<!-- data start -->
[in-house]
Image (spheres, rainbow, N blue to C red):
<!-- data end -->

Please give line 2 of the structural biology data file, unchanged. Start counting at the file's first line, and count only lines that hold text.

Image (spheres, rainbow, N blue to C red):